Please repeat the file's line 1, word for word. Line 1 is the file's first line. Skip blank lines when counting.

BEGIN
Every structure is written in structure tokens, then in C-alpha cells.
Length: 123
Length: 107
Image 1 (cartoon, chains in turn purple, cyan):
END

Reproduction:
Every structure is written in structure tokens, then in C-alpha cells.